The aircraft had been designed three years earlier in response to an Air Ministry specification and had been put into production once proving trials and operational tests had been completed. To adapt the successful Valetta design for a general purpose crew trainer, the Varsity was given a nose-wheel undercarriage and an under fuselage pannier bomb-aimer’s station. The Museum also has an example of the Valetta which is awaiting major restoration.
The most outstanding quality of the Varsity was that it could provide excellent training for pilots, flight engineers, radio operators, navigators and bomb aimers simultaneously. The latter were seated in a very large ventral gondola which contained bomb aiming equipment and a small quantity of training bombs.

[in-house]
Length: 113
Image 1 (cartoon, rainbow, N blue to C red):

The prototype Varsity T MkI made its maiden flight on 17 July 1949. The RAF took its first deliveries in October 1951 which went to No.201 Squadron, Advanced Flying School at Swinderby, Lincolnshire. Production of the Varsity T MkI for the RAF ceased on 28 February 1954 after a total of 163 had been built.
WL679 was built by Vickers Armstrong at Bournemouth and released from their factory on 25 September 1953. This was the last Varsity to fly with Royal Air Force Insignia, but in the very distinctive livery of the Royal Aircraft Establishment. It landed at RAF Cosford on 27 July 1992 and signalled the end of an era spanning over 43 years.
The Comper C.L.A.7 Swift is a British 1930s single-seat sporting aircraft produced by Comper Aircraft Company Ltd of Hooton Park, Cheshire.